Strong Inflation Report

The September inflation report exceeded the expectations of most economists. However, it may not be strong enough to deter the Federal Reserve from its gradual move towards the sidelines. In the last 2 weeks, the Labor Department released data showing a seasonally adjusted 0.4% increase in overall consumer prices from August, surpassing the median estimate of 0.3% expected by economists. Year-on-year, prices were up by 3.7%.

  • Core prices, which exclude energy and food to provide a better measure of underlying inflation, rose by 0.3%, resulting in a 4.1% increase on an annual basis.
  • Although the monthly core gain was in line with the median estimate, the unrounded figure was 0.32%, surprising many economists who had predicted just 0.2%.

In summary, the inflation report did not align with the expectations of investors who believed the Fed was finished with tightening monetary policy.

The Fed Gets Some Breathing Room

However, the Fed's projections for core inflation, especially, seem to be too high, as they anticipate a 3.7% increase from a year earlier in their preferred measure of core prices from the Commerce Department. Morgan Stanley economists now estimate a 0.27% monthly rise in the Commerce Department's core measure for September. To meet the Fed's projections, core inflation would need to accelerate to a 4.2% annual growth rate in the final three months of the year, up from 2.6% in the preceding three months.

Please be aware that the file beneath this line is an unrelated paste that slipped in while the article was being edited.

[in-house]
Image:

• Fed officials have also been acknowledging the impact of the sharp increase in long-term interest rates on monetary policy.
  • This recognition provides the Fed with the flexibility to wait and observe how the situation unfolds. The implied odds of a rate increase at the Fed's penultimate policy meeting in November are now below 15%, compared to around 40% a month ago.

The last meeting of the year falls in mid-December, allowing Fed officials to assess how the rise in long-term borrowing costs has affected the economy and potentially giving them little reason to consider raising rates again.

Tone Is Changing

A top Federal Reserve official said it is "undeniable" that the slowdown in US inflation is a trend rather than a momentary blip, despite a recent string of economic data showing persistent pressure on some prices.

  • Speaking to the Financial Times, Austan Goolsbee, president of the Chicago Fed, denied that progress was stalling on getting inflation back to the US central bank’s 2% target. He cautioned against tying forthcoming monetary policy decisions to a narrow set of data.
  • However, we had been "rapidly approaching" a point where the policy debate was shifting away from how high to raise interest rates to how long they need to be maintained at this level, he said. Nothing in the data in the past six weeks had changed that.
  • Since the last meeting in September, at which officials signaled support for one more rate rise this year and half a percentage point fewer cuts in 2024 than previously estimated, US borrowing costs have risen sharply.
  • At one point, the benchmark 10-year Treasury yield was at its highest level since 2007. The rout has eased in recent days as policymakers at the Fed have hinted that tighter financial conditions may offset the need for another rate rise.

Many, including hawkish governor Christopher Waller, have also reiterated that the central bank has the flexibility to maintain a more patient approach to future policy decisions, and can take time to assess incoming data to get a better grasp on the economy’s trajectory. This is something Goolsbee also endorsed.


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